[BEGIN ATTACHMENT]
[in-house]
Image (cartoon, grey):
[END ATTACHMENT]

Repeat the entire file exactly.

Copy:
[in-house]
Image (cartoon, grey):